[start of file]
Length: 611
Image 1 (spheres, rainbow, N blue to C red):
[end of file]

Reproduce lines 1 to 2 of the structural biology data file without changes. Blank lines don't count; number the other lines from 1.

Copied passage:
Length: 611
Image 1 (spheres, rainbow, N blue to C red):